Practice Areas

Unsurprisingly, what special ed teachers need to do is … teach

Here's a question related to serving the needs of special education students: Is it better for a truly gifted teacher to be working with kids steadily throughout the day in a less-than-stellar school setting or a so-so instructor who spends less time teaching, but does so in a pristine classroom environment?

Trust your instincts on this one.

Because you're right.

A recent media article on that subject -- what it takes to best promote learning in the realm of special education -- flatly notes that, when it comes to best serving special ed kids, it's far more about the teacher -- and the time he or she spends teaching -- than anything else.

That's not very surprising, is it?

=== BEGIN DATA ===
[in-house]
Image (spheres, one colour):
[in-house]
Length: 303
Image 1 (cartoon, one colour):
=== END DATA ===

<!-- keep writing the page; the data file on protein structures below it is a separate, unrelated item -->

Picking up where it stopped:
"[S]kill and training matter a lot," says the president of a company hired to audit the special education program of a school district in one state.

Although the findings of that effort are not California-specific, they certainly speak in a universal way to what works best for kids.

"It's not the wisdom of your superintendent, the consultant you hired or the curriculum you build," states the above-cited auditor.

"It's the teacher."

More specifically, it's ample time spent in teacher-student interaction, pure and simple. Shiny classroom innovation, high-tech learning assists, pricey supports and so forth, while commanding value, pale in worth to the throughout-the-day presence of an adequately trained and committed instructor who clocks the hours necessary to instill learning in a special education setting.

This blog often references the meaningful education that every California special ed student is entitled to by law.

It hardly seems arguable that nothing is more meaningful than having a qualified and caring teacher readily available throughout the working day who takes the requisite time to ensure that students are getting the most out of their learning environment.

 

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